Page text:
Caught in the Net: No Age like the present

There seems to be a constant parade of arty indie rock bands getting pushed on music blogs, and in the case of the Southern Californian guitars/drums duo No Age in the pages of 'The New Yorker'. Sometimes it's hard to keep up and No Age had thus far passed me by, but on the basis of their new EP 'Losing Feeling', I will be jumping right into their back catalogue which includes last year's highly regarded, debut, full-length album 'Nouns'. The pair, Randy Randall and Dean Spunt, deal in the experimental end of rock, with layers of beautiful noise, lots of fuzzy guitars and hazy vocals. The new four-track EP isn't released until 6 October, when it comes out on 12-inch vinyl and in digital format – there will be no CD version. In the meantime, their record label, Sub Pop, is streaming it online now – you have to register with the site (it's free) but that's about it: subpop.com. I heartily recommend a listen.

Folk rocks on

Following Mumford and Sons, Laura Marling, Johnny Flynn, Emmy the Great, Noah and the Whale and so on, it feels like we've reached saturation point with English alt-folk bands. But there's still more of them coming through: Skinny Lister is one such band; they reside in south London and their debut single "Plough & Orion" comes out on 24 August. While I'm sceptical about the plethora of bands brandishing ukeles and kooky names, I have to say I rather like the single. It's really quite lovely – if we ever get enough sun this summer to spend a day relaxing in the park until late evening, this would be a nice tune to soundtrack the occasion. Hear the track and others at myspace.com/skinnylister.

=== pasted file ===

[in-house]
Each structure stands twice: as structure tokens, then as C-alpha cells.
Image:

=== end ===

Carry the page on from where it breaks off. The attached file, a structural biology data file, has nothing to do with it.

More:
Pricked up my ears

I've been avoiding the film adaptation of 'The Time Travelers Wife', mainly because it looks like a schlocky tear-jerker, but also because its promotional poster seems to be on the side of every single London bus. My ears pricked up though upon hearing that Broken Social Scene have a cameo in it as a wedding band and that they cover Joy Division's "Love Will Tear Us Apart" for the film – hear their slowed down take at tinyurl.com/mcmmgf.

Harmonising nations and melodies

Smokey Angle Shades are a London-based, five-piece knocking out enjoyable rock'n'roll. The band are like an advertisement for the EU, with members from England, Northern Ireland, Germany and Italy. They formed last year from the embers of the 747s who released an album a while back on Island. Hear a bunch of their country rocking tunes and Beatlesesque harmonies on their Myspace, tinyurl.com/nb7tpu, and we've also got two of their songs at independent.co.uk/lryan.

Tang of the past

I'm no hip-hop expert but I think the consensus is that the output of various members of Wu-Tang over the last few years hasn't been the most satisfying. Anticipation is rising however for Raekwon's new album 'Only Built 4 Cuban Linx II'. A new track from the record has emerged with guest vocals from fellow Wu-Tang members Method Man, Ghostace and Inspectah Deck. Called "House of Flying Daggers", it's pretty addictive with round after round of aggressive rhymes landing on top of a synth-led beat produced by J Dilla. Download it at tinyurl.com/ mz6sbx. To refresh you on Wu-Tang's heyday, check out this remake of the collective's "Da History of Chessboxin'" video from 1993, recreated in lego for no apparent reason – vimeo. com/545 2385.

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